The identity card of the city
The undergrounds of the Collegiata dei Santi Andrea e Bartolomeo, built in 1013, represent a real archaeological section of the origins of the city with finds and structures ranging from the 9th century BC. to the XII century.
Simply called the church of Sant’Andrea, the Collegiata dei Santi Andrea a Bartolomeo is located in Piazza della Repubblica next to the Town Hall. It is the oldest Christian place of worship in the city, built in the 6th century on the ruins of a pre-existing Etruscan temple in the area of the Forum.
After the early Christian phase, the current appearance of the Collegiate begins to be defined between the 11th and 12th centuries, before being restored in 1928 together with the characteristic dodecagonal tower.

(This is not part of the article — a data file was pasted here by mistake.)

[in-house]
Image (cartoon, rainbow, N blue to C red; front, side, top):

The interior of the church has a basilica plan, with three impressive naves separated by monolithic columns perhaps dating back to the second century, crowned by capitals in a classical style. The presbytery, slightly raised and with a quadrangular apse, concludes the layout.
Its long history can be seen closely by visiting the undergrounds that represent the “identity card” of the city and still retain historical evidence of 4 different evolutionary phases: of the history of the city from the Villanovan and then Etruscan times, documented by remains of road layouts, wells and sacred buildings (such as the temple of Giunone Herbana), up to the early medieval one, with the splendid and vast mosaic pavement of the pre-existing paleo-Christian basilica. while the last testifies to the birth of a first Christian community in Orvieto.
The civic function survives in the tradition of the Feast of Santa Maria Assunta, patron saint of the city which is celebrated here on August 14 every year.
An incredible engineering masterpiece
A journey to the underground city
The undergrounds of the medieval quarter